Big data is transforming the landscape of nearly all industries - and entire economies. Enterprise leaders will use the technology and other advanced analysis resources, as well as the IoT, to transform their brands, develop powerfully effective strategies and gain a competitive advantage in the marketplace. As time goes on, the early adopters of these technologies will reap rewards that will directly, and positively, impact their bottom lines.



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Big Data Projects
The pressure to deliver ‘more for less’ is increasing day in day out inclusive of all industries and business sectors. But if you have a special understanding of technologies like Big Data, your company can get even more value.
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By, Vadim Tkachenko. In this article we’ll look at ClickHouse on its one year anniversary.
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Dublin Tech Summit
One event, two days, a great line-up of speakers, and 48% female presence. Still have no idea what I’m talking about?
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CC0 License
Choosing an appropriate provider for your company’s email security can be difficult as email security is a key element in the overall security of a business. A company’s email is an open door for malicious hackers who can potentially drive your business into the ground with one rogue email. There are a few options with regards to a solution but it all depends on picking the right fit for your business. This blog post is dedicated to the options businesses face when choosing their email security.


Appliance or Software Solutions - On Premise


Generally, the most popular choice for a company are appliance or software solutions. These appliances are great for focusing on certain aspects of email security such as data privacy and spam and virus protection. This option is also easy to install and not very expensive. However, these software solutions require a lot of  "hands on" updates which do not come with the benefits of realtime threat intelligence or the big data analysis that can be performed across the entire network of a cloud provider and can be quite slow to update. These appliances operate by themselves and require occasional attention from the beholder of the software.


Hosted Email Security - the OEM way


Another option businesses have are hosted email security services where the provider is simply hosting an appliance or application to take some management out of the customer’s hands. This option would be considered appealing as the customer …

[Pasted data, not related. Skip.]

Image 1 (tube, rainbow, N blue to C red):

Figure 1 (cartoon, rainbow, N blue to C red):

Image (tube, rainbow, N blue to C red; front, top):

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Big data transfers via information superhighways require special attention and protection. Learn more about the IT-regulations of the country where your server is located. Analyze cloud providers and their encryption systems for safe data transit. Set in-house rules for preventing data loss.
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A list of useful business intelligence software.
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Author Comment

by:Oscar Waterworth
Comment Utility
I have a habit of writing in Google Docs. I will make sure not to copy from it again.

Thanks for the feedback!
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By Mark Wills

The first thought that comes to mind about "Big Data" is that there is a lot of it. And while that is true, "Big Data" is more than that. It tries to address the complexity of being able to bring together both structured and unstructured data from an increasing variety of sources so it can be analysed in a concise and coherent way with a high degree of confidence.

Not so long ago, Big Data was certainly considered to be in the realm of "for the very big corporations", but that is starting to change. Part of the reason for the change is the technology associated with all the hype and the latest of buzz words becoming more available to the not so big. There are now viable choices of solutions that won't break the bank.

Because the "Big Data industry" is still in its infancy (relatively speaking), there is a small luxury of time before it becomes the expected "norm". That time can be well used to make sure you can learn all there is to know and decide if you will actually benefit from it.

One can see the anticipation of great things to follow in marketing departments the world over, talking up "big data" as if they have a clear idea about what it is, how to get it, and how it can be used. Importantly, you need to know what it might mean for your business as a competitive advantage or how disadvantaged you will quickly become if you are not currently thinking about it.

Taking a small step back in time, for years, when we needed to analyse our …
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Expert Comment

by:Kevwe Ogomigo
Comment Utility
Interesting read ... Big Data sounds even more interesting ...

We would be considering this more at www.nu-systems.com
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Author Comment

by:Mark Wills
Comment Utility
There can be big rewards for consultants and advisors who are able to succeed advising their customers as to the *best* way forward...
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Big Data

107

Solutions

270

Contributors

Big data describes data sets that are so large or complex that traditional data processing applications are inadequate. Challenges include analysis, capture, data curation, search, sharing, storage, transfer, visualization, querying and information privacy. The term often refers simply to the use of predictive analytics or certain other advanced methods to extract value from data, and seldom to a particular size of data set.